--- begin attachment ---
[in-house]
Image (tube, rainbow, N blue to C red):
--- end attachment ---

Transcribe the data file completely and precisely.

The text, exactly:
[in-house]
Image (tube, rainbow, N blue to C red):